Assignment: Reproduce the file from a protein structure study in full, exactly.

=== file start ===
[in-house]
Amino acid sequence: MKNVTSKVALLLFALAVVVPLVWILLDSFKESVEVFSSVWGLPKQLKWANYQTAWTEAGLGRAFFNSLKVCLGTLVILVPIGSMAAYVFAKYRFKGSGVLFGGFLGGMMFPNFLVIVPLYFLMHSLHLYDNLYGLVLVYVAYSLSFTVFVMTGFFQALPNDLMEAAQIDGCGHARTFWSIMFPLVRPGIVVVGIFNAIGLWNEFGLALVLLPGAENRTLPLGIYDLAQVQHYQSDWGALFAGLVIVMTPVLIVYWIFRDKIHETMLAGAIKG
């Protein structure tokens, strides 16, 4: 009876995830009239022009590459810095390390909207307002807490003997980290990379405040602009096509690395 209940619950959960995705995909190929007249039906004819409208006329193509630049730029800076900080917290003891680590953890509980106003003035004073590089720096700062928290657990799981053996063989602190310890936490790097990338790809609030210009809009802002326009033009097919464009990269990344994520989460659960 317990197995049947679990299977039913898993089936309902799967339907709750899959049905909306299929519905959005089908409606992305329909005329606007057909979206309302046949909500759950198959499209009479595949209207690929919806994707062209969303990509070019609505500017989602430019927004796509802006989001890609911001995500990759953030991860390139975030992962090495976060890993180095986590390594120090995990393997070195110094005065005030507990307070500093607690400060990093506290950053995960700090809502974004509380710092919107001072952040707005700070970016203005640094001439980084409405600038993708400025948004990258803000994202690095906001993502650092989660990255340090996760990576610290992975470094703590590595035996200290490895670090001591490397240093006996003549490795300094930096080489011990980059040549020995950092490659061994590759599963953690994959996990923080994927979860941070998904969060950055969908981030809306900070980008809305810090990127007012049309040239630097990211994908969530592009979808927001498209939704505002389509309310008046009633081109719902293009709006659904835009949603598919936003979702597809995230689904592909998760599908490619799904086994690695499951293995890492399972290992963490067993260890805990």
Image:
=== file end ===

[in-house]
Amino acid sequence: MKNVTSKVALLLFALAVVVPLVWILLDSFKESVEVFSSVWGLPKQLKWANYQTAWTEAGLGRAFFNSLKVCLGTLVILVPIGSMAAYVFAKYRFKGSGVLFGGFLGGMMFPNFLVIVPLYFLMHSLHLYDNLYGLVLVYVAYSLSFTVFVMTGFFQALPNDLMEAAQIDGCGHARTFWSIMFPLVRPGIVVVGIFNAIGLWNEFGLALVLLPGAENRTLPLGIYDLAQVQHYQSDWGALFAGLVIVMTPVLIVYWIFRDKIHETMLAGAIKG
């Protein structure tokens, strides 16, 4: 009876995830009239022009590459810095390390909207307002807490003997980290990379405040602009096509690395 209940619950959960995705995909190929007249039906004819409208006329193509630049730029800076900080917290003891680590953890509980106003003035004073590089720096700062928290657990799981053996063989602190310890936490790097990338790809609030210009809009802002326009033009097919464009990269990344994520989460659960 317990197995049947679990299977039913898993089936309902799967339907709750899959049905909306299929519905959005089908409606992305329909005329606007057909979206309302046949909500759950198959499209009479595949209207690929919806994707062209969303990509070019609505500017989602430019927004796509802006989001890609911001995500990759953030991860390139975030992962090495976060890993180095986590390594120090995990393997070195110094005065005030507990307070500093607690400060990093506290950053995960700090809502974004509380710092919107001072952040707005700070970016203005640094001439980084409405600038993708400025948004990258803000994202690095906001993502650092989660990255340090996760990576610290992975470094703590590595035996200290490895670090001591490397240093006996003549490795300094930096080489011990980059040549020995950092490659061994590759599963953690994959996990923080994927979860941070998904969060950055969908981030809306900070980008809305810090990127007012049309040239630097990211994908969530592009979808927001498209939704505002389509309310008046009633081109719902293009709006659904835009949603598919936003979702597809995230689904592909998760599908490619799904086994690695499951293995890492399972290992963490067993260890805990």
Image: